I think everyone but my mother loves bacon. I usually can never make enough at my house before it disappears. Whenever I try to make extra so we can have BLT sandwiches for lunch, there is rarely ever enough to make more than a couple sandwiches. One of the biggest problems with making bacon is HOW you cook it. Most people likely cook it like mom did, in a skillet on the stove.
Let me let you in on a method widely used in the food service industry. If a place were to cook every slice of bacon in a skillet it would take all day to get it done. A busy restaurant will go through several boxes of sliced bacon in a Sunday brunch, so what would be the fastest and cleanest method to cook it? In the oven! In the biz, bacon usually comes sliced and laid out on parchment paper sheets. This makes it very easy to put a sheet of bacon onto a metal sheet pan and put it in the oven to cook. You also can do this at home the same way. Take your bacon and lay a single layer of bacon slices on a sheet pan that has been lined with parchment paper. Wax paper will not work here. It will only melt the wax and everything will stick to the pan. In a home setting a half sheet pan (18" x 12") will fit into your oven. A standard sized sheet pan is double the size (18" x 24") and will not fit.
Using this cooking method will help you save time and cleanup. There will be less splattering as the bacon cooks and when it does, it will burn off as the oven is heated, saving on the clean up. You will also have the benefit of a more evenly cooked bacon slice. I do recommend that you take the pan out after 10 minutes and fluff up the slices. This will keep them from sticking to the pan and each other. Cook for about another 10 minutes in a 350 degree oven, depending on how crispy you like your bacon.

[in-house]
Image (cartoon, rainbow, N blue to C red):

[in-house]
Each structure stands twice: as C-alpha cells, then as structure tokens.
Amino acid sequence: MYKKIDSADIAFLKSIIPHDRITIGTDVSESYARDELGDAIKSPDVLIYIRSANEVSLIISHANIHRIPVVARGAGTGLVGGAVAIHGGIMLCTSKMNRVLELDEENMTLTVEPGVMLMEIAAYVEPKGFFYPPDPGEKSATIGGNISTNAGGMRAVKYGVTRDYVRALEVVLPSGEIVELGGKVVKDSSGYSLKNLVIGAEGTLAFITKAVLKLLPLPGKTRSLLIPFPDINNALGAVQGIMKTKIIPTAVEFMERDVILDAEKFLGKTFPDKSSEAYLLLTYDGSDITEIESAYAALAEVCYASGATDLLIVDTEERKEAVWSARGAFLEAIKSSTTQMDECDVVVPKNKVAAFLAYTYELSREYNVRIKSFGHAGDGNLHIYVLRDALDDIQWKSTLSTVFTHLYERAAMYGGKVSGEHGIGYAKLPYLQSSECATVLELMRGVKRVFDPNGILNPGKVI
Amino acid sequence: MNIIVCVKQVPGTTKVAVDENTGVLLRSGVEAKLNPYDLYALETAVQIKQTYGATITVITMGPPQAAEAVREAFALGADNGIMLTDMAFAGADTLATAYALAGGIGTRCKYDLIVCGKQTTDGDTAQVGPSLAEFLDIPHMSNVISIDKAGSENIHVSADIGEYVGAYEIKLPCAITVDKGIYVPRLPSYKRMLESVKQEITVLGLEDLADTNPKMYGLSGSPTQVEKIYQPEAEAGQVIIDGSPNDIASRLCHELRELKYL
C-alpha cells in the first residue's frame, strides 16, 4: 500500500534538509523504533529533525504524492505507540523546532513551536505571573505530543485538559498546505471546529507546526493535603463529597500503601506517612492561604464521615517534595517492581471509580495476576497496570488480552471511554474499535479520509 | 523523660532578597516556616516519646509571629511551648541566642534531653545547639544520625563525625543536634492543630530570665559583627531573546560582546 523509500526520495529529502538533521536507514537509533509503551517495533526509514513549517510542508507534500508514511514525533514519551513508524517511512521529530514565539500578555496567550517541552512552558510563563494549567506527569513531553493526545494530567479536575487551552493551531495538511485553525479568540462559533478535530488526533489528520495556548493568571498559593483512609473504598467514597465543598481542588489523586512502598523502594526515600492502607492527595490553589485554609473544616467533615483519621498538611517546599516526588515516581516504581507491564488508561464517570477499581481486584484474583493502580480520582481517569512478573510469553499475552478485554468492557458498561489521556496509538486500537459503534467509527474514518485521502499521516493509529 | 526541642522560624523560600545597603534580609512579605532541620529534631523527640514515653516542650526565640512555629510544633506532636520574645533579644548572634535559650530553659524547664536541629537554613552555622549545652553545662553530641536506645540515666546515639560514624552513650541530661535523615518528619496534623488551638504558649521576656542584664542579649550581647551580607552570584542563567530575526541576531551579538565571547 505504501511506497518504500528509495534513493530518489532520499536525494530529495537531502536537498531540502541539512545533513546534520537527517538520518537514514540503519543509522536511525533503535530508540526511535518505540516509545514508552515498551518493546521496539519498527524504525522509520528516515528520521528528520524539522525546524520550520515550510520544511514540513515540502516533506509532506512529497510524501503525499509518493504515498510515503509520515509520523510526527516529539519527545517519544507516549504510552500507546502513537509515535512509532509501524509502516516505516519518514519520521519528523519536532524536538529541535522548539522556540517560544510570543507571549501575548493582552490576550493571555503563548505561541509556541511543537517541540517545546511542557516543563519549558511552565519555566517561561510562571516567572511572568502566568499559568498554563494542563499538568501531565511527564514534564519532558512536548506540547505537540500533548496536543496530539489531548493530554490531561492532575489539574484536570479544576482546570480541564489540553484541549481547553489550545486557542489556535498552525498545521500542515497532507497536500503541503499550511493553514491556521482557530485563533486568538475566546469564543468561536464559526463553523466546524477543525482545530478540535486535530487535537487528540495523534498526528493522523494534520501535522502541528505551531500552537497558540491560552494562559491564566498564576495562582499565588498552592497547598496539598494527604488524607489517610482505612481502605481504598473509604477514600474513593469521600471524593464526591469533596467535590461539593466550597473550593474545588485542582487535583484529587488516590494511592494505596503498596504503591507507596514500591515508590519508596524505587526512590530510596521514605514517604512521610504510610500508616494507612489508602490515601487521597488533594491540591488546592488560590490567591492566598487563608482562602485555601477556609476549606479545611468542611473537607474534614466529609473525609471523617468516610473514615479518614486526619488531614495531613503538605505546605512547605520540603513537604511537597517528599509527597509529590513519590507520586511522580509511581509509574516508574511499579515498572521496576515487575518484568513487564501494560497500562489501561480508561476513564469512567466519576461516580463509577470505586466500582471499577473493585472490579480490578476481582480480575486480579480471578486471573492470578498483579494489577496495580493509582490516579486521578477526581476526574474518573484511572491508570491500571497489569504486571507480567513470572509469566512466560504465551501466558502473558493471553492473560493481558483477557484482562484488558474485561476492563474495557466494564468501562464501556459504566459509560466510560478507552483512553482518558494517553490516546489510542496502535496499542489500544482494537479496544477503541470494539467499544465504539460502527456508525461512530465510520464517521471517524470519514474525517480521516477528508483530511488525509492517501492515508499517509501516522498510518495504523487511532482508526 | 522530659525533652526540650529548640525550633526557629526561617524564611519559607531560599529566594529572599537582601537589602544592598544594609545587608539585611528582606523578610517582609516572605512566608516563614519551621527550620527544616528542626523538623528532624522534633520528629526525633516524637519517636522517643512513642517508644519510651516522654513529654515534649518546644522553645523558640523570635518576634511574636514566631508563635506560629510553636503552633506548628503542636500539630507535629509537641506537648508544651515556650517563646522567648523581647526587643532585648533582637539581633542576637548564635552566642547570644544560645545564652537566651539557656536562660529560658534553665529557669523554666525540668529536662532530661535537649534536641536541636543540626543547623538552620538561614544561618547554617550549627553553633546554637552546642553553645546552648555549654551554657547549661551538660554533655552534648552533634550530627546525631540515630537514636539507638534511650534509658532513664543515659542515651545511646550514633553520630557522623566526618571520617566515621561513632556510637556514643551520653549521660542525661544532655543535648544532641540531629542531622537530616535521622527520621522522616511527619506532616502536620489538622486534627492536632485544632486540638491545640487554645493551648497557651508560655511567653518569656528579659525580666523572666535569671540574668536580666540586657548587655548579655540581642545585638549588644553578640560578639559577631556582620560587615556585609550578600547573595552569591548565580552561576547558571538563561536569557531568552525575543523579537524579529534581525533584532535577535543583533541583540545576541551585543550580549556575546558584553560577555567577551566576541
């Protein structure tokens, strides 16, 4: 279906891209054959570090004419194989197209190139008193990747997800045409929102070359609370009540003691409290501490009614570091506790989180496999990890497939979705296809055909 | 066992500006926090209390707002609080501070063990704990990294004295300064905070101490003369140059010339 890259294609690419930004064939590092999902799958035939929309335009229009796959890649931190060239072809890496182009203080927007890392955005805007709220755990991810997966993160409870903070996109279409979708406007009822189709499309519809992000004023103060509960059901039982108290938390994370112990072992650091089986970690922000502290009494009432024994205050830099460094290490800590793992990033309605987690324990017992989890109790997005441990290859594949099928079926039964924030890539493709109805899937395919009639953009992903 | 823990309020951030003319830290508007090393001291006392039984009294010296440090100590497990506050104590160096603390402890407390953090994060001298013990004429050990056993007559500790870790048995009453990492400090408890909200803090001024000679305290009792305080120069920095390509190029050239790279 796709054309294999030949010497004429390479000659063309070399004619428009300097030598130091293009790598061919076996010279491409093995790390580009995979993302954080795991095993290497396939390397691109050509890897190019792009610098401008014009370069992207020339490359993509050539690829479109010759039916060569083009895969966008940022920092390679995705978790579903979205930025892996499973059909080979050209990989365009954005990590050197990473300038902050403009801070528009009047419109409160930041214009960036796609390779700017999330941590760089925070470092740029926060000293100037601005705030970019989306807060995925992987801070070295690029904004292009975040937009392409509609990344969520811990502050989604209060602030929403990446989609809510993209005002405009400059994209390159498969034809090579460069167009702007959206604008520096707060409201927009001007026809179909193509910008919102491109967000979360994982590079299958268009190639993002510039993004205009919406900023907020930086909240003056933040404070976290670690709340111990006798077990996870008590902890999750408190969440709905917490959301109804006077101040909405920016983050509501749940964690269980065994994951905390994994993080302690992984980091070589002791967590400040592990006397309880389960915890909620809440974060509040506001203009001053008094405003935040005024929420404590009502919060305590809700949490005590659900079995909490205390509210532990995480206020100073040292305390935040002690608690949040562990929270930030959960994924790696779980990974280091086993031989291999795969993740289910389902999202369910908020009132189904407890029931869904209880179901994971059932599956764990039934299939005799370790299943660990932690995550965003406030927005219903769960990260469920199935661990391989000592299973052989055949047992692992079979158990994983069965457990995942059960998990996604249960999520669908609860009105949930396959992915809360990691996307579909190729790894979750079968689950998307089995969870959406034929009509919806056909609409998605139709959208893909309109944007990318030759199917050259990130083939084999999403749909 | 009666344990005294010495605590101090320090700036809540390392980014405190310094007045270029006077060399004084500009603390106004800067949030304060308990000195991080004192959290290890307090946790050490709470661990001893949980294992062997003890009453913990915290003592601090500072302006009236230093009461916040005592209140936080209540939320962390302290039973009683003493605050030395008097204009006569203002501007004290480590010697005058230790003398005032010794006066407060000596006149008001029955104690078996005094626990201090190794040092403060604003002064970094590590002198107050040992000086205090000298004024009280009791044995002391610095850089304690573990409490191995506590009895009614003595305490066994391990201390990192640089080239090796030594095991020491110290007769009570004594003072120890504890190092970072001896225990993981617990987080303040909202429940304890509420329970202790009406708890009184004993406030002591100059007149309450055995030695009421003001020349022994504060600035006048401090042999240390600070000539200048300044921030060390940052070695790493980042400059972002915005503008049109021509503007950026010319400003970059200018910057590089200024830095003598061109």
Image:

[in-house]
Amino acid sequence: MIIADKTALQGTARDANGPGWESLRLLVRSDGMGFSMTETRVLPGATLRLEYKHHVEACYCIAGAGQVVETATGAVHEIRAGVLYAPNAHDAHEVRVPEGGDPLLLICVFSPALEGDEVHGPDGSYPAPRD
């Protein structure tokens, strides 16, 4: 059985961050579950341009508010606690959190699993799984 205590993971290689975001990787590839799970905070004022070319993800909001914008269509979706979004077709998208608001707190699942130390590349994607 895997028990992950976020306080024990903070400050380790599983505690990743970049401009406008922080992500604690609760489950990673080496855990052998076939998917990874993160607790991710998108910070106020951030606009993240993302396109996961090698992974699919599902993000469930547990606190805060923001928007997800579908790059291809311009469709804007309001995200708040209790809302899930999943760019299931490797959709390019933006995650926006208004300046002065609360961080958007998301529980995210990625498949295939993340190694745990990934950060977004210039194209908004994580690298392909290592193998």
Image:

The only other issue with cooking bacon is what to do with all of the fat, or as they call it in the South, pan drippings? In my house, this is like liquid gold. After the fat has cooled down, but before it starts to solidify, pour it into a clean mason jar. Put this into the refrigerator and whenever you are cooking something like pan seared greens or scrambled (or any pan cooked eggs), just take a spoonful out the jar and use this as your cooking fat. Not only is animal fats healthier for you, they can be cooked at a higher temperature without burning and also add a lot of flavor to your food. When cooking greens, like spinach, swiss chard or kale the ease of having readily available bacon fat saves time when preparing because you do not have to wait for the raw bacon to cook and crisp up and then there is always the issue of a messy, greasy cleanup. If your fat still has bits of bacon in it, don't worry. It will be an extra addition to your final dish having the bits of real bacon in it. By using this fat that some people would other wise throw away, you are saving money from having to buy vegetable oil.
This post contains affiliate links.